LOS ANGELES (04/27/2000) - Teléfonos de México SA de CV (Telmex) posted positive first quarter results, in line with analysts' forecasts, although its long-distance revenue fell due to what the company claims is a recurring illegal "bypass" situation, according to a statement issued yesterday by the dominant Mexican carrier.
Although not acknowledged in the release, Telmex's long-distance revenue has also been affected by the introduction of competition in 1997.
Telmex reported 26.45 billion Mexican pesos (US$2.81 billion) in revenue for the first quarter, which ended March 31, 2000, a 23.7 percent increase over the same period a year ago, when the company's revenue was 21.38 billion pesos.
Net income for the first quarter totaled 6.47 billion pesos, up from 5.42 billion pesos in last year's first quarter, a 19.4 percent increase.
Earnings per ADR (American Depository Receipt) were 94 cents, which is what a consensus from five analysts polled by First Call/Thomson Financial had predicted.
Revenue from long-distance service for the quarter reached 547 million pesos, a .2 percent decrease for the same quarter last year, due to an "illegal by-pass," Telmex said. Since 1997, Telmex has complained about foreign calls entering Mexico that are converted to local calls or domestic long-distance calls, and which affect Telmex's bottom line because it receives no revenue from "bypass" calls.
Operational profits for the long-distance service during the quarter totaled 2.56 billion pesos, which represents 38.2 percent of its revenue.
"Since 1997, Telmex has complained to the Mexican regulator Federal Telecommunications Commission (Cofetel) of unfair practices by MCI WorldCom Inc. and AT&T Corp.," Telmex spokesman Renato Flores said in an interview today.
Telmex's main competitors in México are Alestra, partly owned by AT&T, and Avantel, partly owned by MCI WorldCom Inc.
"The U.S. companies are involved in this illegal by-pass, which provides free or low-cost telecommunication access to small U.S. carriers, which finally not only harms Telmex's earnings, but Mexican fiscal revenue," Flores said.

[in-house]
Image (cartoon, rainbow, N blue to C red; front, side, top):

Both MCI Worldcom Inc. and AT&T have asked the U.S. Trade Representative (USTR) and international organizations such as the World Trade Organization (WTO) and the Organization for Economy and Trade Development (OECD) to urge the Mexican government to promote fair competition in the telecommunications market.
According to the carriers, the Mexican government has not complied with international commitments established in the WTO Telecom Agreement.
According to a Dow Jones report from April 11, the phone traffic from the U.S. to Mexico is falling due to a "new breed of phone call smuggler" that charges 7 cents a minute to call México from the U.S. using calling cards.
Telmex has said it lost US$220 million in 1999 due to illegal calls, according to a Dow Jones article. Although the Mexican government says 20 percent of foreign calls are illegal, the industry claims the illegal foreign calls reach 50 percent, Dow Jones said.
Telmex reported that revenue from its Telcel's cellular carrier reached 4.67 billion pesos, a 82.6 percent increase than a year ago. The growth was a result of increased use of Telcel's pre-paid system, Telmex said.
Telmex reported an additional 1.22 million subscribers to bring its wireless subscriber total to 6.50 million, a 156.6 percent annual hike, according to the statement.
Telcel's operation profits grew 121 percent compared to first quarter last year, up to 1.14 billion pesos.
Local telephone service revenue grew 10.4 percent from the year-ago quarter.
Operational profits increased to 5.9 billion pesos, meaning a 37.8 percent in local service revenue.
During the first quarter, 83,671 subscribers were added to Telmex's Internet service, for a total of 486,425 subscriptions or a 164 percent annual increase.
To expand its telephone and Internet services beyond Mexico, Telmex owns part of carriers in the U.S., Puerto Rico, Guatemala, Ecuador and the Virgin Islands. In March, it launched a Spanish-language Internet portal aimed at Latin America. [See "MS ESC: Gates Details Microsoft's LatAm Portal", March 21, 2000].
Telmex has said it is interested in bidding for telecommunication licenses in Brazil. In December 1999, Telmex and SBC acquired Rio de Janeiro-based Algar Telecom, a cellular carrier with 900,000 subscribers. During the quarter, Telmex won a license from the Spanish government to start cellular phone services in Spain.
Meanwhile, Telmex faces an obligation to fulfill specific regulations ruled by Cofetel. The rules, which Telmex has labeled as illegal, must take effect by July, and address topics such as fair tariff prices and providing information to competitors. [See "Mexican Regulator Imposes Rules on Telmex", March 29, 2000].